Mindfullness: do I get it? #2
Written by Hillary R. Hoff
People speak about empty spaces found between the constant flow of thoughts when meditating. Empty spaces that may last for only a milisecond or two. To be an empty space, it doesn’t mean it’s a blank slat or filled with nothingness, but more so similar to the experience of seeing a shooting star. You see the star just as it shoots before you have time to grasp really what it was, until you see another and another you start to become familiar with what a shooting star is. Within time you begin to see more and longer falls of the shooting stars and even the opportunity to point them out to others in the moment that you see them. The empty space between thoughts may be a flash of a feeling, a delayed emotion from something which happened previously in your day, a visual, a memory from your dream, a click to your subconscious, an answer to a personal question, a tap on the missing puzzle piece perfectly connecting all corners and angels. A Buddhist antidote refers specifically to guilt when referencing emptiness. “Emptiness. As ultimate cure for all delusions, realizing emptiness will also rid your mind of guilt” (http://www.viewonbuddhism.org/guilt.html). However, I believe this empty space is a cure to much more than only guilt. What is this emptiness? Is it the time for answers and explanation to finally catch up from our thoughts? Is it a relaxing or a sweet slow down period for our brains to absorb? It must be something very special and unique for all of us because it’s our individual emptiness, just as we all have different fingerprints and wave colours in our eyes. We all have our own meditative empty spaces to discover.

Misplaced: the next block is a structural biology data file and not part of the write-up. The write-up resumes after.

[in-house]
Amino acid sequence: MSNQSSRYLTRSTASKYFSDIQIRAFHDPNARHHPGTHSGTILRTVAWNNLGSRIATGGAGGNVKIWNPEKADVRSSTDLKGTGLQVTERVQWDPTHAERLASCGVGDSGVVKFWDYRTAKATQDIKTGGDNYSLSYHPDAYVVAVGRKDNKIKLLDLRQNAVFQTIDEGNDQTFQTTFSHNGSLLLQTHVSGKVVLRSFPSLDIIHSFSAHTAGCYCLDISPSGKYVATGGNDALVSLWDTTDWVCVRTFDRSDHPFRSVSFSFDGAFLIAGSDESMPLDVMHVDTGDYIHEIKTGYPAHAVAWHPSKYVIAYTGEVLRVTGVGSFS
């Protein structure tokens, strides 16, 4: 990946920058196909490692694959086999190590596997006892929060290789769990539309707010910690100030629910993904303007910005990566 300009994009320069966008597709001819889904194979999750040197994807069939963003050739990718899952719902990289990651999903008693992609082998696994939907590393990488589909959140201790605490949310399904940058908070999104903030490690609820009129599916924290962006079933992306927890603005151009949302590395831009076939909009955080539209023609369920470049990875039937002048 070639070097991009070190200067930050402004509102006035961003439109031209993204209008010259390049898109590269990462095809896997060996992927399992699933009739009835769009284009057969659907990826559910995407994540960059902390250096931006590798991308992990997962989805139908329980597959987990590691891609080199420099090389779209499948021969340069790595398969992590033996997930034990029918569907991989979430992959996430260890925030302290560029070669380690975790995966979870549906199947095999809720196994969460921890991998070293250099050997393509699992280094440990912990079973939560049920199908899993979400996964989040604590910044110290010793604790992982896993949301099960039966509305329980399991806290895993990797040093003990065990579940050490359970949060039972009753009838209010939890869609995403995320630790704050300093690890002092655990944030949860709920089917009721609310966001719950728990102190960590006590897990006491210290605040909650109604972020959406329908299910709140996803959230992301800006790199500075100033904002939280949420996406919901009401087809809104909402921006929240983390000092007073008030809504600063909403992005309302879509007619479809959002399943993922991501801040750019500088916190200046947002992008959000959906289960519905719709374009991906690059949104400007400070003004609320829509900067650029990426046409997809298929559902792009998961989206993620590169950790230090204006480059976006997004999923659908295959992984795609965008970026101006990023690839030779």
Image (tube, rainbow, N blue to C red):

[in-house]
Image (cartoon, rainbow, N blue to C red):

Some cultures and societies around the world do not encourage to embrace emptiness. Western society admires speed and instant gratification; leaving no time for emptiness. People in professions who are forced to think quickly and are constantly “on their toes” are paid larger amounts of money and set as a hierarchy. The pressure of technology pushes everyone to fill empty space with social media, emails, and being regularly available for work. This emptiness is necessary for our brains to discover more of who we are, building the bound with ourselves. Just as we spend days and hours throughout our week connecting with others; writing emails, collaborating with colleagues, communicating with loved ones. We rarely have an empty moment to give invested time and energy to ourselves also; giving ourselves fuel and love to burn off into the universe. Just as a boomerang comes back after sending if off into the unknown, how do we expect to catch it when our back it turned to someone else or head is down looking at our phone. Being alert and aware of this empty space by slowing things down a bit and most importantly paying attention to ourselves; also known as mindfulness.
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